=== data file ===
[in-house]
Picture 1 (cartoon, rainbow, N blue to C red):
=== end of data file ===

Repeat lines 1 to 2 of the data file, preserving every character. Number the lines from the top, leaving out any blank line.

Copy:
[in-house]
Picture 1 (cartoon, rainbow, N blue to C red):